But for journalists in Nagaland, you could be chasing a story, the next minute you are copywriting piles of all nonsensical press releases from local organizations whose ambition is only to see their names in the print; the next hour you are editing the pages – or fetching paan for your editor.

All-in-one, period. So how do you reconcile and streamline a variety of individual language styles of 10 journalists into an identifiable, uncomplicated, identifiable format? Now you know the reason why Nagaland newspapers have stories (oh horror, even editorials!) that look like they were written by class-V students and still others that appear to be the work of Literature Analysts.

You read this article or not still now?

The anomalies nonetheless do give its failings a chance to scream out. Scream out to simply force fresh minds out of their morning teatimes. That is where the Grammar-stricken student would have to have blamed the ‘local’ media already.

Earlier, I was told about a comment left by a reader of The Morung Express on the Daily’s website edition. This particular reader had been relentlessly disparaging the language format and editing of The Morung Express, for a long time now. One thing that struck me was a suggestion made by this particular reader he had even advised us to “read” newspapers such as “The Times of India” and so on.

I understand one thing that the vehemently critical reader missed – that classics such as Jyoti Sanyal’s satiric book on Indian journalistic writings ‘Indlish,’ were inspired by the fuzzy, bucolic writing styles of newspapers such as The Times of India. You know the English of Press Trust of India (PTI) or TOI is (in)famous for – in fact they share similarity with the language of most reporters in Nagaland!

It is clear enough that the confusion of readers, generally, is not any gentler than that of the poor bag-eyed people who fill the morning’s pages.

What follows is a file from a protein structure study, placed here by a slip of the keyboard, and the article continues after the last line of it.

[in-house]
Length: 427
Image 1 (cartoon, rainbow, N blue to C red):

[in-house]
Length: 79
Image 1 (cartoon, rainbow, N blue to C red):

This is an age where print journalism – and its digital cousins, the web informatics and webnews – have come to adhere religiously to exclusive writing formats and styles.

And Nagaland’s (or India’s) media is a tragedy.

In an age of designer-hullabaloo India creates everyday, perhaps one has yet to find time for universal writing style applications: the Chicago Manual, AP Stylebook, Cambridge Handbook for editors, Oxford Style Manual, MLA Handbook, the Chicago Manual of Style and the APA style manual, the New York Print Handbook, the Associated Press Format, the Reuters’ or the BBC Handbook format.

From the Wall Street Journal to, say, the Hindustan Times, print media across the globe write in own (and strictly adhered-to) language styles. It would be a step ahead if newspapers in Nagaland do actually devise their own “language” formats as well.

(In the next article) I shall be introducing you to some of the weirdest, nuttiest and most intimidating of “English,” typos, grammatical errors and ‘misprints’ that ever escaped the eyes of our editors to land on your tea table.  

(This article was originally published in The Morung Express May 7, 2011)

©2012 Al Ngullie ALL RIGHTS RESERVED This article contains material protected under International and Federal Copyright Laws and Treaties. Any unauthorized reprint or use of this material is prohibited. No part of this article may be reproduced in any form or by any means, electronic or mechanical, including photocopying, recording, or by any information storage and retrieval system without express written permission from the author / publisher.